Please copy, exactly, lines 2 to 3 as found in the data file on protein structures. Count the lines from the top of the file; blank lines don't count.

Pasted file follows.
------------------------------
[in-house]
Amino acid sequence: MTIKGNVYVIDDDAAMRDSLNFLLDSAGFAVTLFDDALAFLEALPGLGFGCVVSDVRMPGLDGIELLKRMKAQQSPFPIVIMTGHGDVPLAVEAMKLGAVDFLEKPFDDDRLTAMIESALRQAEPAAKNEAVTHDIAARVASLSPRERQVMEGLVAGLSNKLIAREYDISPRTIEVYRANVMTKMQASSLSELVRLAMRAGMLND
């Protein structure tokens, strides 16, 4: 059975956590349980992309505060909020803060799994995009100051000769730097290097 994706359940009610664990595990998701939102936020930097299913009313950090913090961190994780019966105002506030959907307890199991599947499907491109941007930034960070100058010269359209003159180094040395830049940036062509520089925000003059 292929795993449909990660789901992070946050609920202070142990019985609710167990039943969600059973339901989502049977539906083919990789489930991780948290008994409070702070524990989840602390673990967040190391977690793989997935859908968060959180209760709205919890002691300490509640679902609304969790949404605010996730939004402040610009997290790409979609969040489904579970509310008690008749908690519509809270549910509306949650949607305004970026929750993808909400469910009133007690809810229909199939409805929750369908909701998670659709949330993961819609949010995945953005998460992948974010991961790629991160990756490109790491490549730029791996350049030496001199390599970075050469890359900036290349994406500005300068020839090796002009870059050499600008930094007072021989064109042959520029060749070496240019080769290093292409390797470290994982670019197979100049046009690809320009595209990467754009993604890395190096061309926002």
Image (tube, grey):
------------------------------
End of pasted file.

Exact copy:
Amino acid sequence: MTIKGNVYVIDDDAAMRDSLNFLLDSAGFAVTLFDDALAFLEALPGLGFGCVVSDVRMPGLDGIELLKRMKAQQSPFPIVIMTGHGDVPLAVEAMKLGAVDFLEKPFDDDRLTAMIESALRQAEPAAKNEAVTHDIAARVASLSPRERQVMEGLVAGLSNKLIAREYDISPRTIEVYRANVMTKMQASSLSELVRLAMRAGMLND
């Protein structure tokens, strides 16, 4: 059975956590349980992309505060909020803060799994995009100051000769730097290097 994706359940009610664990595990998701939102936020930097299913009313950090913090961190994780019966105002506030959907307890199991599947499907491109941007930034960070100058010269359209003159180094040395830049940036062509520089925000003059 292929795993449909990660789901992070946050609920202070142990019985609710167990039943969600059973339901989502049977539906083919990789489930991780948290008994409070702070524990989840602390673990967040190391977690793989997935859908968060959180209760709205919890002691300490509640679902609304969790949404605010996730939004402040610009997290790409979609969040489904579970509310008690008749908690519509809270549910509306949650949607305004970026929750993808909400469910009133007690809810229909199939409805929750369908909701998670659709949330993961819609949010995945953005998460992948974010991961790629991160990756490109790491490549730029791996350049030496001199390599970075050469890359900036290349994406500005300068020839090796002009870059050499600008930094007072021989064109042959520029060749070496240019080769290093292409390797470290994982670019197979100049046009690809320009595209990467754009993604890395190096061309926002």